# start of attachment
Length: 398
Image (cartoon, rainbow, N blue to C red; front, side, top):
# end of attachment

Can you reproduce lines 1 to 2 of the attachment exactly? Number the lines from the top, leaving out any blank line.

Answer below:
Length: 398
Image (cartoon, rainbow, N blue to C red; front, side, top):